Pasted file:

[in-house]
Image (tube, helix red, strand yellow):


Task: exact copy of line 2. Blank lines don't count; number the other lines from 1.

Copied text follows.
Image (tube, helix red, strand yellow):